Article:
There was no significant relationship between patients' clinical histories and their ability to follow commands, the researchers noted.
This finding could have profound implications for the patient, their families and their health care teams, Cruse said. "An exciting future possibility, which is our next primary aim, is to develop this technique into a communication tool," he explained.
"Since we now are able to demonstrate that potentially 20 percent of patients considered to be in a vegetative state are actually able to understand what we ask them, our next aim is to provide them with the ability to respond. Clearly, an ability to interact with their external world will greatly change the lives of any patients who are able to make use of this technique."
The next step is to be able to ask patients questions like: "To answer yes, imagine moving your right-hand, to answer no, imagine moving your toes," and one could tell their answer from their brain activity, Cruse explained.
There are a number of technological hurdles to overcome in interpreting patient responses, but these are not insurmountable, he said.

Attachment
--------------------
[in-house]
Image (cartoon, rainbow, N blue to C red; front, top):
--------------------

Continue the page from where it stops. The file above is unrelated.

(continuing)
Dr. Jonathan A. Friedman, director of The Texas Brain and Spine Institute at Texas A&M Health Science Center College of Medicine in Bryan, said that "the study is novel and potentially important."
"This study adds to a growing body of knowledge suggesting that the vegetative state is more complicated and diverse than previously thought," Friedman said.
Dr. Jaime Levine, medical director of brain injury rehabilitation at NYU Langone Medical Center in New York City, said that "there is nothing worse than a patient who is conscious, but has been diagnosed as vegetative. So, a test that was portable could prove useful."
Such a test could identify patients who have "rehabilitation potential." In addition, it could help families make decisions about treatment and end-of-life
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